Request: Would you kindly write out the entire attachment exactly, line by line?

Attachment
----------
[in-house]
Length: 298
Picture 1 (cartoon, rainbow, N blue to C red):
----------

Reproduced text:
[in-house]
Length: 298
Picture 1 (cartoon, rainbow, N blue to C red):